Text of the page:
It’s just a part of the passing through
Right there in that moment you’ll finally understand
That I was better as a memory than as your man
Better as a memory than as your man

Country appears to be live and well….YEE HAW!

1 Comment

Posted by on July 30, 2008 in Country, Music Today


Rate a Record….Teddy Thompson

Back by popular demand….RATE-A-RECORD!!

Here’s how it works.  Listen to the featured track and then give your rating on a scale from 1 to 5 with 5 being highest.  I’ll compile everyone’s feedback into an average score and do a follow up post featuring your comments in addition to my own feedback.

Today’s submission is Teddy Thompson, son of folk rock legends, Rick and Linda Thompson.  (And no, she wasn’t engaged to Elvis.)  Rick & Linda were authentic hippies who raised young Teddy in an English commune.  (I know, oxymoron.)  Somebody sent me a heads up on Teddy and I’ve been checking him out.

Teddy recently released his new CD, A Piece of What You Need.  Teddy emerged from a back-up singer for Rufus Wainwright, who can be seen in a cameo in the video as Elvis rockin’ the organ.

So, without further adeui, Teddy Thompson and In My Arms:


Posted by on July 28, 2008 in Emerging Artists, rate a record


America’s Got Talent…Well, at least Emily David does

Ladies and Gentleman, Aretha, Jr.

40 year old, Emily David, the next great find from America’s Got Talent:



Posted by on July 27, 2008 in aretha franklin, Emerging Artists, TV


R.I.P. Randy Pausch

1960 – 2008

Late last year, someone sent me an email encouraging me to watch an extraordinary lecture by a professor at Carnegie Mellon University, Randy Pausch, who had been recently diagnosed with terminal pancreatic cancer.  His lecture, titled The Last Lecture, centered on truly realizing your childhood dreams and wound up becoming a viral sensation.   Ultimately, the lecture was modified into a best-selling book (a $6 million deal for Randy & his family).

Although the lecture was designed as a legacy for his three young children, it ended up being an inspiration to millions.  Randy’s contention was that if you live your life right, karma will take care of the rest.  I think that his last year, just like the rest of his life, proved that theory out.

If you haven’t experienced the lecture or even if you already have, I strongly encourage you to view it:

  Full lecture

While he explains that he totally understands exactly where his situation stood, he was humorous, engaging and thoroughly sincere in making people see a path to their dreams.  In the Spring, Oprah invited him to give an abridged version of his original 75 minute lecture on her show.  Interestingly, his mood is much more serious and emotional.  The difference in six months showed the psychological wear and tear of living with the fact that you are dying and seeing the affects on your friends and family.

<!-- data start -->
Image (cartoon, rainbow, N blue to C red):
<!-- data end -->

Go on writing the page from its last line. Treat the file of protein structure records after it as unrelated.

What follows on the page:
Abbreviated lecture on Oprah

Randy lost his battle with cancer on Friday, passing on at the age of 47.  However, his positive message of constant pursuit of happiness and dreams has been viewed by over four million viewers.  This lecture will stand as a testament to someone who truly influenced and impacted people lives with a simple example of living a good life — a life of purpose and pursuit.  In the end, Randy provided the perfect legacy for his children…and for many, many others — through his enthusiasm, humor and tenacity.

In a recent TIME interview, a reader asked a musical question of Randy: “What music do you turn to these days to help you get through?”  His answer was that he and his kids are particularly fond of Sgt. Pepper’s….a particluarly fitting piece.

  Sgt. Pepper’s Lonely Hearts Club Band/With a Little Help From My Friends


Posted by on July 27, 2008 in inspiration, memorials, the beatles


On This Day in Musical History….July 26th

1971:  Mozart born.

1943:  Mick Jagger is born.

1960:  Sam Cooke’s Chain Gang is released


1968:  John Lennon and Paul McCartney complete Hey Jude (arguably the one of the best songs ever written — but then I AM BIASED)


1968:  The Jackson 5 sign a 1-yr. contract with MoTown


1969:  Marilyn McCoo marries Billy Davis, Jr.


1975:  The Hustle, by Van McCoy & The Soul City goes to #1 on the Singles Chart

…man, flashbacks.


1980:  The Rolling Stones hit #1 with Emotional Rescue — it would remain there for seven weeks.


1984:  Prince, or the artist formerly know as Prince, premieres his new movie, Purple Rain


1986:  Peter Gabriel goes to #1 with Sledgehammer — IMO, the BEST rock video ever made.


1992:  MoTowner and originator of My Guy, Mary Wells, dies of cancer


2000:  Napster receives an injunction via the RIAA to refrain from allowing file sharing of RIAA material on their site.  Too bad the genie was already out of the bottle.


Posted by on July 26, 2008 in motown, Music History, oldies, on this day


Friday on My Mind

  The Easybeats, 1967

Happy Weekend.

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Posted by on July 25, 2008 in oldies, weekdays